2 min read.Updated: 09 Oct 2021, 01:28 PM ISTLivemint
To begin with, MNCs with turnover over 20 billion euros and profitability above 10% (profit before tax/revenue) will be covered under profit reallocation plan. Later, this will be lowered to 10 billion euros on successful implementation
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NEW DELHI: India is set to gain from global redistribution of $125 billion of profits every year from around 100 of the world’s largest and most profitable companies but New Delhi will have to withdraw its tax on digital services rendered by offshore businesses, as per the new global tax deal announced by 136 nations late on Friday.
Experts said India is balancing its interests as a key player in the global flow of goods, services and capital.
A statement issued by the Organisation for Economic Cooperation and Development (OECD) late on Friday said a multilateral deal will require all parties to remove all digital services taxes and other relevant similar measures with respect to all companies, and to commit not to introduce such measures in the future.
“No newly enacted digital services taxes or other relevant similar measures will be imposed on any company from 8 October 2021 and until the earlier of 31 December 2023 or the coming into force of the multilateral convention," said the OECD statement, adding that the modality for removing existing digital services taxes “will be appropriately coordinated."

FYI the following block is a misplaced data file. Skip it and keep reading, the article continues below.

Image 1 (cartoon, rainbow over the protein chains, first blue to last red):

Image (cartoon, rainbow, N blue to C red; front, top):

It’s an important win for tax diplomacy and a seminal moment in international tax history, said Gouri Puri, partner at law firm Shardul Amarchand Mangaldas & Co. “While the fine print is awaited, India is balancing its interests both as an importer and an exporter of capital, goods and services."
Sandeep Jhunjhunwala, partner at Nangia Andersen, a consultancy, said as a significant move, the OECD has sought an immediate and upfront withdrawal of unilateral digital services tax and a commitment not to introduce such measures in the future.
India introduced a digital service tax called equalisation levy in 2016 on online advertisements, which has now been expanded to cover sale of goods and provision of services through e-platforms.
India, which has been actively involved in framing the deal, is yet to give a formal statement about Friday’s announcement. An email sent to the finance ministry on Saturday seeking comments for the story remained unanswered till the time of publishing.
To begin with, multinational companies with global turnover above 20 billion euros and profitability above 10% (i.e. profit before tax/revenue) will be covered under the profit reallocation plan. Later, this threshold will be lowered to 10 billion euros depending on successful implementation.
Profits will be allocated to a market jurisdiction when the in-scope multinational enterprise derives at least one million euros in revenue from that jurisdiction.
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